How does the firm support your professional development and career growth?

Gannett Fleming has provided me with multiple training opportunities, such as our Project Management Academy. The firm has also supported me in obtaining my Project Management Professional (PMP) certification and participating in Transportation Research Board committees and conferences.

I’ve had the opportunity to be part of the firm’s Quality Leadership Team, Planning Leadership Team, Resilience Committee, and Connected Relationships™ Mentoring Program. Additionally, Gannett Fleming has encouraged me to collaborate with other business groups and employees, resulting in some of the most interesting and innovative project opportunities and great internal connections.

What are the most rewarding aspects of your job?

Knowing that our work positively impacts the traveling public and being able to assist our clients in making transportation systems safe, reliable, and secure.

What do you see for the next generation of employees at Gannett Fleming?

Continued innovation, improved communication, greater diversity, and even more space to bring your true self to work.

How does your work contribute to the firm's vision of creating a better future, together?

Our work creates a more resilient future. For example, I worked on several Federal Highway Administration projects to incorporate extreme weather and climate into asset management practices. We coordinated with two states that experience different weather-related risks.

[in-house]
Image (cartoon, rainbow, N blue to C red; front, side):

For one state, we identified factors contributing to flooding at the top flooded location in that state. For the other state, we developed a geospatial database specific to resiliency and initiated the development of lifecycle management templates to address extreme weather and climate issues in its transportation network.

We assist clients in integrating risk and resilience management strategies at various levels of their organizations; promote a design philosophy that is based on resilience before, during, and after emergency events to help minimize and mitigate impacts on our clients, their customers, and the environment; and support the recovery of our clients’ assets to quickly rebuild and restore damaged infrastructure.

What leadership skills and characteristics do you rely on the most for success in your job and life?

Communication. It has helped me collaborate well with others in the company, regardless of their position, background, or discipline. And vulnerability. Admitting I don’t have all the right answers, staying curious, and asking questions have served me well in my professional and personal life.

Why is it important to have diversity around the table when working on projects?

Diversity in the workplace allows for different perspectives and solutions that may otherwise be missed.

How have your experiences led you to your current position?